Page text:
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CPAs Say Reducing Nation’s Deficits Is Job No. 1

Money-bandaidWhen a CPA alerts an individual or an organization to a problem, it’s usually wise to heed the financial advice. CPAs figure out the meaning of numbers every day and are accustomed to giving guidance on complex financial situations.

Once again, CPAs are informing America that the federal budget numbers tell an alarming story. In an online survey conducted by the AICPA in December, three-quarters of CPAs said immediate action is needed to quell spiraling federal budget deficits. More than half identified deficit reduction as the top economic priority for the United States, ahead of creating jobs (23 percent), tax reform (18 percent) and ensuring the long-term stability of Social Security and Medicare (5 percent).

Concern on the part of CPAs is not just theoretical. The short-term repercussions of our escalating national debt are bad enough, but over the long term the debt could have a crippling impact on the U.S. economy for decades. According to the AICPA’s survey, seven in 10 (73 percent) members believe that if policymakers are unable to reduce the federal debt, those affected most severely will be individuals and families. Another 14 percent said small businesses will be most affected. And a majority of those surveyed said that without serious efforts to reduce the budget deficit, their clients or their companies will likely experience hiring freezes (55 percent), reduced capital spending (53 percent), reduced benefits (52 percent) and job layoffs (52 percent).

Washington needs to take immediate action to avoid these drastic economic consequences. While the American Taxpayer Relief Act resolved a number of the harshest tax increases, it left unresolved the broader spending issues. Combine that with long-term concerns regarding raising the debt ceiling, and the economy could truly suffer. Legislation is in the works that would delay the debt ceiling showdown until May, but this simply prolongs the uncertainty hindering business and financial decisions. It is time for America to meet the challenges head on.

CPAs take their responsibility to protect the public seriously, and the AICPA is committed to promoting fiscal responsibility by raising awareness on how the mounting federal debt threatens our nation’s future. In the video, What’s at Stake? A CPA’s Insights into the Federal Government’s Finances, the AICPA’s immediate past chairman of the board of directors, Greg Anton, discusses how the financial sustainability of our country could be in jeopardy and offers guidance for policymakers and the public on how the U.S. government’s financial statements can be used for greater understanding of the nation’s fiscal health.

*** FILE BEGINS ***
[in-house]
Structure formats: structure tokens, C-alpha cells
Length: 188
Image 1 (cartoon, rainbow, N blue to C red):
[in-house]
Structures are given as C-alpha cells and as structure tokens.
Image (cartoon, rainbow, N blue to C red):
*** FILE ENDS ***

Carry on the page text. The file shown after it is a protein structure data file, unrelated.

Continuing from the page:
The AICPA Board of Directors has also adopted a resolution that underscores the need to put America on a better economic path and expresses its support of two non-partisan efforts, the Campaign to Fix the Debt and the Comeback America Initiative. The AICPA has also signed onto an open letter, sponsored by Campaign to Fix the Debt, joining America’s business leaders in calling on President Obama and Congress to develop a plan for long-term economic growth.

No one expects this to be easy. The fiscal cliff negotiations demonstrated just how difficult it will be to make the kind of fundamental changes and cuts necessary to restore fiscal sanity. It will require a change in culture, a change in mindset and the courage to make unpopular decisions.

Nevertheless, the nation is looking to Washington for balance, compromise and real solutions. The status quo is not an option - the national debt grows by $10 million every minute. These figures are unsustainable, something no one, on either side of the aisle, can dispute. CPAs know it too. The CPA profession has always called on everyone, from individuals to those in government, to exercise good financial habits and sustainable practices. All Americans should make their voices heard on this important issue and push for responsible action.

Barry C. Melancon, CPA, President and CEO, American Institute of CPAs.

Money image via Shutterstock.

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